Thursday, 21 February 2013

Writer - Sheila Skillman

I'd like to welcome you to my interview with writer, Sheila Skillman.  Enjoy.

Sheila Skillman

Hi Shelia, can you please introduce yourself?
My writing name is SC Skillman and I live in Warwick.
How long have you been writing?
Since I was 7 years old, when I used to fill little exercise books with stories.
What first got you interested in writing?
The adventure stories of Enid Blyton inspired me; I found them so exciting and engaging, I wanted to write stories myself.
Do you attend a writing group?
Yes I belong to 2 writing groups  that meet quarterly in Leamington Spa, and in Kenilworth.
What genre(s) do you write?  What drew you to this/these genre(s)?
I write romantic suspense. My recognition of this evolved as a process of self-knowledge, gained by simply writing the stories I wanted to write, about the subjects that engaged me.
What types of things do you write?
Have you ever had anything published?
Yes, I published Mystical Circles, romantic suspense novel – see for further info.

Have you sent your writing to agents/publishers?  Have you received any rejections?
Yes I have sent previous novels to many agents in the past & have collected a number of rejections.
Who/what influences your writing?  Where do you get your inspiration from?
My inspiration comes from family, friends & life experiences, & from my observations of many different people I’ve met over the years. I’ve also been inspired by characters and themes found on Tv & in the movies. I love writing about any environment in which disparate people are drawn together for a period of time in an enclosed setting. I’ve drawn upon my insights into human motivation and behaviour; chief among which is that “nothing should be taken at face value: people are often not what they seem”.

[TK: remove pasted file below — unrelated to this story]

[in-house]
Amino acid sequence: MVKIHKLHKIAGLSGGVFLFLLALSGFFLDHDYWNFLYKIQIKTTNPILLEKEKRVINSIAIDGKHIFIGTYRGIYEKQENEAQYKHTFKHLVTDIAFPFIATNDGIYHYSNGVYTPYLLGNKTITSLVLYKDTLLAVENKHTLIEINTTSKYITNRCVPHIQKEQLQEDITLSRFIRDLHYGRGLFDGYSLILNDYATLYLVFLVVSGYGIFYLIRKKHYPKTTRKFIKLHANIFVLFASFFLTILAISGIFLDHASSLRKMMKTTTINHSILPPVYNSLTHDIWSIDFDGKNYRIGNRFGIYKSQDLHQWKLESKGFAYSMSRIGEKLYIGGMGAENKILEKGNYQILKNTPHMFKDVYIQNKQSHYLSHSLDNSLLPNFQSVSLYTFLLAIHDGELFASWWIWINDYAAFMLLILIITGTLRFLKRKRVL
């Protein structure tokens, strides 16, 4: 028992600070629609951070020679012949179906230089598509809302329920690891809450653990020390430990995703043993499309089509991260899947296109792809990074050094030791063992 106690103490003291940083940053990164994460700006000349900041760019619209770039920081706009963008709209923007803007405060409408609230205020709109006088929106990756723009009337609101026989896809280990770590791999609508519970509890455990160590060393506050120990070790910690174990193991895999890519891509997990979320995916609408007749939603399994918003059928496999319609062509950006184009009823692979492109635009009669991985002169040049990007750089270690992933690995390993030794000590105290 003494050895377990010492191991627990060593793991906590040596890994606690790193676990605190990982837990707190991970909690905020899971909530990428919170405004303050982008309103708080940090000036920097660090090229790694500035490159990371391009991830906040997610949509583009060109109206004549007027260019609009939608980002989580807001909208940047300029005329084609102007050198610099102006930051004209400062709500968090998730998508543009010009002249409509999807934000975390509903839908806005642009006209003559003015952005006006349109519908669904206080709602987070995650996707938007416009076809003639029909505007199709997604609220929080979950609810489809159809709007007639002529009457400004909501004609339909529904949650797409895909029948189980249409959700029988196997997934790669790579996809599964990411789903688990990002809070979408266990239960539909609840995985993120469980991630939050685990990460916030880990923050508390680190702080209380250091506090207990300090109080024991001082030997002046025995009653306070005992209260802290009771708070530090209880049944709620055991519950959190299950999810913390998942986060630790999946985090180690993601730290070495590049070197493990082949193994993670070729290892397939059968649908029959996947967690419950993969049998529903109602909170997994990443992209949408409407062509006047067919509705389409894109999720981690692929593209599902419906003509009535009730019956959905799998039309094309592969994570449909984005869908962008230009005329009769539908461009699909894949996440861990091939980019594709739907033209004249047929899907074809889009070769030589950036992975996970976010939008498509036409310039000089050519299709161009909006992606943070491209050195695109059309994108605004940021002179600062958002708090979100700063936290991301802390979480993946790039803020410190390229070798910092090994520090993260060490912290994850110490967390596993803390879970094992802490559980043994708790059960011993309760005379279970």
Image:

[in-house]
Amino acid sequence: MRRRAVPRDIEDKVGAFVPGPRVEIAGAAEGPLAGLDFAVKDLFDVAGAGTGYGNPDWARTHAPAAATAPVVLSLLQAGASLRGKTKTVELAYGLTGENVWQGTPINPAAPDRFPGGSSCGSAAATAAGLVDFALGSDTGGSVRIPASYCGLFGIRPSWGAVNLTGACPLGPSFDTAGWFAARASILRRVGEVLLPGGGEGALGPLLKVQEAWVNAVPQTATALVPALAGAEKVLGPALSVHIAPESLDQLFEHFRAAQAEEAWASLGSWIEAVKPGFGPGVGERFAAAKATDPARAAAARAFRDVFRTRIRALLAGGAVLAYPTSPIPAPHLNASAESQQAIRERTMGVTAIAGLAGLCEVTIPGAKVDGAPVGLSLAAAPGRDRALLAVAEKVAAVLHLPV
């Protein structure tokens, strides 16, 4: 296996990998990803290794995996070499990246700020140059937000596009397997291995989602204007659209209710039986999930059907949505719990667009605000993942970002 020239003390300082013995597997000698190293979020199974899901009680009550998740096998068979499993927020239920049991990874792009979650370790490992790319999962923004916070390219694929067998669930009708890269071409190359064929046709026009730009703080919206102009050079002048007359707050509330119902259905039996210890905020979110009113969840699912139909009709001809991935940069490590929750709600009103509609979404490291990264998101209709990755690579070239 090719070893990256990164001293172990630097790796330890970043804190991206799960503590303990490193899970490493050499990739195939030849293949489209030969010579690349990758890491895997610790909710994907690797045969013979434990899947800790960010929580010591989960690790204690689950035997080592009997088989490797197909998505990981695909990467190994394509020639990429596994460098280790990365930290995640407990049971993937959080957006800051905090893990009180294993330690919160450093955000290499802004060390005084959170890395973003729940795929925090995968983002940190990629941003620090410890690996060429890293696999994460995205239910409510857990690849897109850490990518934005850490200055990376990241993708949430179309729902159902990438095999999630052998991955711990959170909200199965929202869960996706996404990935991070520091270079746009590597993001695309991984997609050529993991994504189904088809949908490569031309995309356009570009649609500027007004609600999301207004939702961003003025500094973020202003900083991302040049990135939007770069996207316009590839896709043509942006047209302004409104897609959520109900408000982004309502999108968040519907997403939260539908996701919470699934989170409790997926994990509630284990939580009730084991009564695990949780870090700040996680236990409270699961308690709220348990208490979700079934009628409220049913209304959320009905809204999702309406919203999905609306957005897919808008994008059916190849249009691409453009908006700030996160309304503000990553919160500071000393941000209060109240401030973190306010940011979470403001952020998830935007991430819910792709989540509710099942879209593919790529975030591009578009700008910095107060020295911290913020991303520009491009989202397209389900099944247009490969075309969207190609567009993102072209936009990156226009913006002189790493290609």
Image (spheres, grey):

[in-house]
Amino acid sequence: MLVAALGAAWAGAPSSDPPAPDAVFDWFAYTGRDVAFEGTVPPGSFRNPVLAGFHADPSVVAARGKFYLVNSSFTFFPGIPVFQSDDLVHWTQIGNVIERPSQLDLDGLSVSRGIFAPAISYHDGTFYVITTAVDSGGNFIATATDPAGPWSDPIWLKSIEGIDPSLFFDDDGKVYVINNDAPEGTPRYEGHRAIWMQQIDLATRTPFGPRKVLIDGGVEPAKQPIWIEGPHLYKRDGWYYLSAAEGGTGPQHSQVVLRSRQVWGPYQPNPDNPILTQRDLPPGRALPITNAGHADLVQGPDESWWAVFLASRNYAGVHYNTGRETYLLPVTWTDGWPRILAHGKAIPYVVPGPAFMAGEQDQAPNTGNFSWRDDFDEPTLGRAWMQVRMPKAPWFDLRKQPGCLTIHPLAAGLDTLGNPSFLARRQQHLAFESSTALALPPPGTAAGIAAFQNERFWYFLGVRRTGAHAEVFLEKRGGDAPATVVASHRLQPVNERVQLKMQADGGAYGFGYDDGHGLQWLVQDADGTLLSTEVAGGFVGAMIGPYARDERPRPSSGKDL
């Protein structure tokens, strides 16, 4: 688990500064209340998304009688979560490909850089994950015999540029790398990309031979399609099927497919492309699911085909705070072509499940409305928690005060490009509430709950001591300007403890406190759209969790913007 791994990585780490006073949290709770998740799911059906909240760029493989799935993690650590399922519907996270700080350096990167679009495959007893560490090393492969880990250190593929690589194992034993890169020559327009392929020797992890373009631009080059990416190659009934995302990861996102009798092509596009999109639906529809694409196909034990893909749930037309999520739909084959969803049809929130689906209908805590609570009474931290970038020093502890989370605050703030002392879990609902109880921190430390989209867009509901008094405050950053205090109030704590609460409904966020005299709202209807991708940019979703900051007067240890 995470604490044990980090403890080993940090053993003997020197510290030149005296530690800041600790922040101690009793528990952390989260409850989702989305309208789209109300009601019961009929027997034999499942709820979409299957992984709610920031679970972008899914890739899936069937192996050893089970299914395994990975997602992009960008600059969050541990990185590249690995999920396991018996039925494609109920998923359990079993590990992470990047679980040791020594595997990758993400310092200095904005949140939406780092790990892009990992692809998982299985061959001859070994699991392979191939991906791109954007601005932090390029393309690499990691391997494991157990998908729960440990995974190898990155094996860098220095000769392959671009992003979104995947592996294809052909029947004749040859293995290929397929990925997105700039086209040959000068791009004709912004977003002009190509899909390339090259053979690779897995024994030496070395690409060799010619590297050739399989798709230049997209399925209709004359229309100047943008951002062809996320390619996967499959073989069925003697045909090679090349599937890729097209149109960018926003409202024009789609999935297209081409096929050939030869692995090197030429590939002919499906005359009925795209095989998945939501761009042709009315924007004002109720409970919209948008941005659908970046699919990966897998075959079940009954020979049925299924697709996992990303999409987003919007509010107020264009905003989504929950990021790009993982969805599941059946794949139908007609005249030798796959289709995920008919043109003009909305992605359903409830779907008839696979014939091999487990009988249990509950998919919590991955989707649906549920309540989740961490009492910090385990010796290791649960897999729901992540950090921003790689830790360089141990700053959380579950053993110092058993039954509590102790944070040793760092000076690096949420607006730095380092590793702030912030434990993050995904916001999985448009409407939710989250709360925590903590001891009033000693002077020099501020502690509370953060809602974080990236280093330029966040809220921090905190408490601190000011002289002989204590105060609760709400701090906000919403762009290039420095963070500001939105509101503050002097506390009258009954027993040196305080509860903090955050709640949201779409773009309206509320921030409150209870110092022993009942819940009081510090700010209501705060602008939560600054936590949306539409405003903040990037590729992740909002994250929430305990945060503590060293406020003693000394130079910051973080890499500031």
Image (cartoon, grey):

How do you come up with your characters’ names and personalities?
During the course of life, names pop up in various contexts,  and I make a note of those that intrigue me, which I like, or which suggest certain types of character.
What is your writing routine?  Do you write daily or just when you feel like it?  Is there a certain time of day where you are at your most creative?
I write as soon as I get home from delivering my son to school. I prioritise writing above emails/social networking etc. The writing comes first, & I ensure that other activities are programmed for later in the day.
Do you start out with a complete idea for your stories, or do you just start writing and hope for the best?
I do start out with a general idea, and I now believe in having a rough plan beforehand.   In my new novel I have used Snowflake Pro, a very helpful piece of novel-design software. 
Do you have an editing process?  Do you have someone else read over your work?  Do you read your work aloud to yourself in front of the mirror?
I have learned through experience not to seek other people’s opinions until the novel is complete. Then I seek the opinion of someone whose knowledge of the market I respect. “A Passionate Spirit” is currently in the hands of a consultant editor.